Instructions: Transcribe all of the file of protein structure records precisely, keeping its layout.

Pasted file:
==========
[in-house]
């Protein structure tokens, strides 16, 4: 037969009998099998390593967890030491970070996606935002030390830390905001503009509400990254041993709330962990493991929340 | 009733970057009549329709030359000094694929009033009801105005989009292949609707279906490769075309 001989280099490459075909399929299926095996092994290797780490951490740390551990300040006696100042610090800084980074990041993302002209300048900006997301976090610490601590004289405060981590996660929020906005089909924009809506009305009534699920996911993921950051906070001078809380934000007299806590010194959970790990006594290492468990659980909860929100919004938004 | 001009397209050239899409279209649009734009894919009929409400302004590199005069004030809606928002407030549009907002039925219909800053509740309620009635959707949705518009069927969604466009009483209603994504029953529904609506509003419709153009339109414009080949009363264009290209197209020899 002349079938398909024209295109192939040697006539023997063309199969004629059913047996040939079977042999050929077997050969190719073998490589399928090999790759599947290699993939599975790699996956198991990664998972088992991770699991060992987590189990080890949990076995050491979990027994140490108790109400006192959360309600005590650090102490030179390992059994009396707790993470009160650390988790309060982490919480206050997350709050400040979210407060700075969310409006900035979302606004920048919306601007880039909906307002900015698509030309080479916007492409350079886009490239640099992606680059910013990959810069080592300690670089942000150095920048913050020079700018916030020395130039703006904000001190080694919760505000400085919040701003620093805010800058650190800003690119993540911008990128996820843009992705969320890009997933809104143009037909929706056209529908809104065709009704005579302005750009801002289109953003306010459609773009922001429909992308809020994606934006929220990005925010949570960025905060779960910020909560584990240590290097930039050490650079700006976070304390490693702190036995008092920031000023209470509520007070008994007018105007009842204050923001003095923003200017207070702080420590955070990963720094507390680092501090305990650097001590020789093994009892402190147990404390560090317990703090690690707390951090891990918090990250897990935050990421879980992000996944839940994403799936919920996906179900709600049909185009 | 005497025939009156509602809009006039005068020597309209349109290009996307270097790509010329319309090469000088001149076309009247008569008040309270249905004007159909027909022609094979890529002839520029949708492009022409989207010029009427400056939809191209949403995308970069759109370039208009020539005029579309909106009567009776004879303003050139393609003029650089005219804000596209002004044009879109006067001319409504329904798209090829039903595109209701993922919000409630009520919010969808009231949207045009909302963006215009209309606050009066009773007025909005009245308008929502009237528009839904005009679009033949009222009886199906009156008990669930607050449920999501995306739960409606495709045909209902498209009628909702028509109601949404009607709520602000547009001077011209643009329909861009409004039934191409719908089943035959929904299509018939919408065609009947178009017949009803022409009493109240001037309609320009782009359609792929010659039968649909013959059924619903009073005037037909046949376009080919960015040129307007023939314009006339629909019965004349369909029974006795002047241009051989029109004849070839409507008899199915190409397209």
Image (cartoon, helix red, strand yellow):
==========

[in-house]
């Protein structure tokens, strides 16, 4: 037969009998099998390593967890030491970070996606935002030390830390905001503009509400990254041993709330962990493991929340 | 009733970057009549329709030359000094694929009033009801105005989009292949609707279906490769075309 001989280099490459075909399929299926095996092994290797780490951490740390551990300040006696100042610090800084980074990041993302002209300048900006997301976090610490601590004289405060981590996660929020906005089909924009809506009305009534699920996911993921950051906070001078809380934000007299806590010194959970790990006594290492468990659980909860929100919004938004 | 001009397209050239899409279209649009734009894919009929409400302004590199005069004030809606928002407030549009907002039925219909800053509740309620009635959707949705518009069927969604466009009483209603994504029953529904609506509003419709153009339109414009080949009363264009290209197209020899 002349079938398909024209295109192939040697006539023997063309199969004629059913047996040939079977042999050929077997050969190719073998490589399928090999790759599947290699993939599975790699996956198991990664998972088992991770699991060992987590189990080890949990076995050491979990027994140490108790109400006192959360309600005590650090102490030179390992059994009396707790993470009160650390988790309060982490919480206050997350709050400040979210407060700075969310409006900035979302606004920048919306601007880039909906307002900015698509030309080479916007492409350079886009490239640099992606680059910013990959810069080592300690670089942000150095920048913050020079700018916030020395130039703006904000001190080694919760505000400085919040701003620093805010800058650190800003690119993540911008990128996820843009992705969320890009997933809104143009037909929706056209529908809104065709009704005579302005750009801002289109953003306010459609773009922001429909992308809020994606934006929220990005925010949570960025905060779960910020909560584990240590290097930039050490650079700006976070304390490693702190036995008092920031000023209470509520007070008994007018105007009842204050923001003095923003200017207070702080420590955070990963720094507390680092501090305990650097001590020789093994009892402190147990404390560090317990703090690690707390951090891990918090990250897990935050990421879980992000996944839940994403799936919920996906179900709600049909185009 | 005497025939009156509602809009006039005068020597309209349109290009996307270097790509010329319309090469000088001149076309009247008569008040309270249905004007159909027909022609094979890529002839520029949708492009022409989207010029009427400056939809191209949403995308970069759109370039208009020539005029579309909106009567009776004879303003050139393609003029650089005219804000596209002004044009879109006067001319409504329904798209090829039903595109209701993922919000409630009520919010969808009231949207045009909302963006215009209309606050009066009773007025909005009245308008929502009237528009839904005009679009033949009222009886199906009156008990669930607050449920999501995306739960409606495709045909209902498209009628909702028509109601949404009607709520602000547009001077011209643009329909861009409004039934191409719908089943035959929904299509018939919408065609009947178009017949009803022409009493109240001037309609320009782009359609792929010659039968649909013959059924619903009073005037037909046949376009080919960015040129307007023939314009006339629909019965004349369909029974006795002047241009051989029109004849070839409507008899199915190409397209």
Image (cartoon, helix red, strand yellow):